How to Wire up Lights in Your Hotrod!

Wiring up your lights doesn't have to be too complicated.

However, there are some things that can screw everything up if not taken into consideration.

We're gonna help you through those items...

First off, make sure you have good switches, light housings, connectors, etc. If you have an older car, corrosion can be a major problem.

I once had a Jeep that wasn't all that old. I would be driving along, and all of a sudden, all the lights would just go out. Lots of fun on the highway...

But I couldn't find anything wrong.

Finally, I figured out that what was happening was the light switch itself had corrosion inside it where you couldn't see it. However, it worked just fine when it was cold. Then, when I was running down the road for a while, the heater would finally make it warm enough under the dash that the corrosion in the switch would shut off the power. When I would try to figure out what was wrong, I had the door open, the switch cooled back down, and worked fine. Took me awhile to find that one...

So, make sure you are starting out with good stuff.

Second, make sure you are able to tie into good power. If you have too big of a draw at the fuse panel already, you won't have full voltage and you're gonna have dim lights.

See Improved Power Circuits

Only a 2 volt drop in a 12 volt system is a 17% loss in voltage to the headlights. That's why so many people have trouble with dim headlights.

The easy way is to use relays.

Basically, what you are doing with relays is supplying a short cut for the power. Instead of the power having to go through all kinds of connections, switches, tons of wire, etc., you create a short path for it to go, free of all that other stuff. Now you have lots of power and full voltage.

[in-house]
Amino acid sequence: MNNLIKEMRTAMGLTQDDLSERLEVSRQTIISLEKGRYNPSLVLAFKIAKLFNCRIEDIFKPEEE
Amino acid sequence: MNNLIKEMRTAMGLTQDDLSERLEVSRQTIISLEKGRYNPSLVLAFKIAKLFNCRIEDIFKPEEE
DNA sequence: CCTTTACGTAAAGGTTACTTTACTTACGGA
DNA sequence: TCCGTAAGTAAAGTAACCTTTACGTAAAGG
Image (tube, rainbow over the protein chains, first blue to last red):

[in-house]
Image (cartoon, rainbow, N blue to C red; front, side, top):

That's why you need relays nowadays... All modern cars have them. That's because ignition systems are more powerful, headlights need more power, etc.

Relays are simple to wire into the front harness. (See the lighting diagram below.)

Just get the good Bosch 30 amp relays anywhere... Here's a good place: Dell City

Third, make sure you use the right gauge wire. Too small a wire can cause resistance, low voltage, and dim lights.

Many people will just try to copy what their car had. However, many cars suffered from dim lights from the factory...

Tri five Chevy's are a bit under wired to the headlights from the factory...

So are Buick's and Pontiac's...

Pretty much all of the other manufactures used 16 or 14 gauge wire on the headlamps... Chevy's choice was 18 gauge... Very small considering todays lighting requirements.

Then add in the years of corrosion at connections, wear at the light and dimmer switches and the amount of resistance in the circuit goes way up.

So, use the right size wire. (See the lighting diagram below.)

Tip: You can buy trailer wire cable to run wiring to the back of a car. It's fully insulated and contains up to 7 wires. It's cheap, by the foot, and protects the wiring from any cuts, wear, etc. Just make sure the gauge is ok for what you want.

Ok, so let's get to wiring. The wiring diagram below will get you good, bright lights without overloading the switches and wiring. It's set up for a basic system.

However, it doesn't include turn signals. If you want to run turn signals, AND YOU SHOULD, see Turn Signals

Return from Lights to Hot Rod Wiring

Return from Lights to How-To-Build-Hotrods

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